by Bob Barr
Most Americans believe that if they have been seriously harmed by actions of the federal government, they are at least entitled to bring their claim before a court of law and have it fairly and transparently decided. They would be wrong.
Thanks to a seven decades-old doctrine, called the “state secrets privilege,” all that government lawyers need to do to prevent a case against the government from proceeding is to claim that national security information would be revealed, and the case is stopped dead in its tracks regardless of the merits.
As outrageous as this doctrine is, federal courts for decades have permitted Uncle Sam to escape being held accountable for misdeeds, such as unlawfully surveilling individuals, by claiming “state secrets.” There is a case now before the U.S. Supreme Court, however, that might at long last and to some degree limit the government’s power to assert this blanket defense.
Holding the federal government accountable in a court of law never has been easy. An aggrieved person has to overcome numerous legal hurdles, not the least of which is sovereign immunity, a principle we inherited from our former English masters, which shields government officials from many, if not most, civil legal actions. Beyond piercing the sovereign immunity shield, a person asserting a claim against a government agent or agency for violation of his constitutional rights must surmount other difficult hurdles, including standing and timeliness, among others.
Notwithstanding these legal roadblocks, however, there is opportunity for an individual asserting that his constitutional rights have been injured by actions of the federal government to bring legal action and to at least make the government respond meaningfully. If, however, the government claims that “state secrets” are involved, and that forcing it to answer the individual’s complaint or to provide evidentiary materials would reveal information harmful to the national security, then neither the parties nor the judges can inquire further. The private parties are flat out of luck.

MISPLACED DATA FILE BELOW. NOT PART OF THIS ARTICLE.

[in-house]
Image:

There are internal government policies supposed to limit the use of the state secrets doctrine in litigation. A memo issued in 2009 by then-Attorney General Eric Holder to Justice Department lawyers, federal departments and agency heads directed them to be judicious and careful in asserting state secrets claims so as to “provide greater accountability” and “strengthen public confidence.”
Unfortunately, the known history of the state secrets doctrine gives little comfort that it has been asserted in accord with good faith.
The first time in the modern era that the government decided to try this method of fighting a lawsuit filed against it was early in the Cold War. Widows of three civilian contract personnel sued the Air Force over the deaths of their husbands, who were killed in the crash of a military plane testing electronic equipment. When the case reached the Supreme Court in 1953, the justices upheld the government’s state secrets assertion, thereby denying the widows the ability to pursue their claims.
Years later, when materials in the 1953 case were declassified, it became clear that the case involved no national secrets whatsoever — only evidence that would have been embarrassing to the government.
Still, the privilege continues to provide broad cover for government actions. It has been employed in recent years to limit public access to information concerning the extent of the government’s foreign intelligence surveillance programs, its use of torture, the size of terrorist watchlists and other information the government does not want to be made public.
The government’s ability to hide behind the completely opaque state secrets cloak, however, will be tested next year, when the High Court decides whether a federal judge who is presiding over a case involving alleged unconstitutional surveillance, can review disputed materials in chambers (that is, in private ) simply to determine if the government’s claim of national security harm is legitimate.
The fact that the government is so vigorously opposing even this extremely limited chink in its state secrets shield, tells us much about what it does not want people to see.
Bob Barr represented Georgia’s Seventh District in the U.S. House of Representatives from 1995 to 2003. He served as the United States Attorney in Atlanta from 1986 to 1990 and was an official with the CIA in the 1970s. He now practices law in Atlanta, Georgia and serves as head of Liberty Guard.